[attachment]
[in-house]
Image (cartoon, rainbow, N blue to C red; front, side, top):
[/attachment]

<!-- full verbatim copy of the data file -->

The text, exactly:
[in-house]
Image (cartoon, rainbow, N blue to C red; front, side, top):